I have to admit, initially I did not expect this book to be so captivating but after the first few pages I was completely engrossed. The story takes place in a little island, quite like Saint Lucia. Earl G. Long has flawlessly penned the lifelines of each character in the villages and town, especially that of “Ti Ismene”.
Ismene L’Aube is born to Bede and his wife, who dies during childbirth. Bede’s sister then takes to caring for the girl and it is within this household that Ismene’s sexual adventures begin. She is a witty, sassy and beautiful child and these traits help her win hearts and cause trouble wherever she goes.
During Ismene’s early teenage years, her father dies and she is left in the care of one of his friends: Charlo Pardie and his family. She lives with them for a few years experiencing farm days, storms, church visits, La Rose festivals, infatuation, unforgettable sexual encounters and one of the sons losing his mind. Eventually she leaves the house and moves to the city where the highlight and defining moments of the story lie. Ismene lives one life during the day and a promiscuous one at night.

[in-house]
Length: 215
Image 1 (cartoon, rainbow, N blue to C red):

She later moves back to her father’s little house, which is rightfully hers. Ismene’s life has completely changed but the past continues to live on in the mouths of others although you feel a little sympathy for her, despite her promiscuity, as does every other character in the book. Ismene continues to live her life simply and seemingly without an ounce of concern for other people’s thoughts.
Long’s novel is filled with so much activity, so much drama and so much detail! His writing is easy to comprehend and follow, so that the story can be comfortably absorbed by your mind while exciting you.
I was particularly amazed with how openly immoral the themes were, but so sincere to local culture, from the types of settlements, occupations, weather and festivities to how men so blatantly leave their wives for the company of more interesting, younger women: “The news of Charlo’s whereabouts traveled as quickly as a cruel joke.”
The novel also creates a vivid picture of how corrupt and deceptive some “high class” or “religious” members of society can be: “She recognized two of her clients returning from receiving communion, their heads bowed in massive piety over clasped hands. She was surprised at the second man, he was one of her best clients . . .”
And accompanying these sober messages is a little humour and everyday island life activities.
The detail in Long’s writing reminds of and makes one feel Saint Lucia as it drives through the brutal awareness of reality.
Earl Long portrays true, refreshing Saint Lucian talent in this novel. It is definitely a must read!
By: Claudia Eleibox